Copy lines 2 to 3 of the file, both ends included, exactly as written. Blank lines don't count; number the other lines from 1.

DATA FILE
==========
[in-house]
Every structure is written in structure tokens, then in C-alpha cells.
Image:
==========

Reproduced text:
Every structure is written in structure tokens, then in C-alpha cells.
Image: